Patti's Comments: This can also relate to heterosexual unmarried partners.
  • Patient Safety Checklist (Martine Ehrenclou, MA)
    Surgical safety checklists have been shown to be very effective in significantly reducing fatal medical errors when used by surgeons and members of the surgical team. This checklist is for patients and their advocates to further close the gap on preventing medical errors in hospitals.
  • Patients, Beware (
    731 nurses reveal what to watch out for in the hospital.
  • Reimbursement Penalties Did Not Reduce Hospital-acquired Infection Rates (McKnight's – 10/15/12)
    Financial penalties did not reduce healthcare facility-acquired infections in acute-care settings, a new study finds. Researchers say harsher sanctions might help. Harvard Medical School investigators examined infection rates in hospitals affected by a 2008 Centers for Medicare & Medicaid Services policy that denied additional payments to hospitals whose patients acquired bloodstream or urinary tract infections. The penalty did not reduce infection rates, which were already declining due to several pre-existing infection control campaigns and interventions, according to study authors.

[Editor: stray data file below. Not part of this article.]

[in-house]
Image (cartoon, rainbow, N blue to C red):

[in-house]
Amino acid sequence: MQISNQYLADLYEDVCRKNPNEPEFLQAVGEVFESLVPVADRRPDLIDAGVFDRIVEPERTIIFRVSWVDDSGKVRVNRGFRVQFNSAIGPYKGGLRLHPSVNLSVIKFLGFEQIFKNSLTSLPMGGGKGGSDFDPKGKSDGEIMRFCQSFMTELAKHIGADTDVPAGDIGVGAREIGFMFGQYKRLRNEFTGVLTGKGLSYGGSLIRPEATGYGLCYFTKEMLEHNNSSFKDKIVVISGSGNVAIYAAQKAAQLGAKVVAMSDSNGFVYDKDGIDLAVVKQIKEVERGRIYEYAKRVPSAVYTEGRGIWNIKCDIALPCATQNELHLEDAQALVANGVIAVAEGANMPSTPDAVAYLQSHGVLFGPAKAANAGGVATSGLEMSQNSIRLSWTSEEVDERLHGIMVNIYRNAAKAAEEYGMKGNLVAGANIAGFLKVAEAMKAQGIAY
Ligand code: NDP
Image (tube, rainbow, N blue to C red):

Organizations & Services  re: Hospital Care

  • Air Ambulance
    A membership program that provides air ambulance services to its members, anywhere in the world, anytime.
  • Angel Flight
    A volunteer group of pilots who arrange free air transportation for any legitimate, charitable, medically related need.
  • Aviation Charities (Flying
    Aviation related charities are staffed by individuals who are dedicated to providing care, kindness, and frequently transportation. Some services are health-related, some are prompted by emergencies, and some are related to fostering emotional well-being.
    A medical publication geared towards offering information on hospitals while also covering other issues within the medical field.
  • Institute for Family-Centered Care
    Provides leadership to advance the understanding and practice of patient and family centered care in hospitals and other health care settings.
  • Medicare: Updated, Enhanced Tools to Compare Hospitals and Nursing Homes ( – 7/19/12)
    Website to help Americans make informed choices about hospitals has been redesigned and will make more information available to the public: Hospital Compare.
  • Not On My Watch
    Healthcare-Associated Infections (HAIs) issue is one of critical importance to every healthcare facility and every healthcare consumer.
    Patti's Comment: This is an important issue for me as I did get a serious infection at a hospital.
  • Partnering to Heal: Teaming Up Against Healthcare-Associated Infections (
    A computer-based, video-simulation training program on infection control practices for clinicians, health professional students, and patient advocates.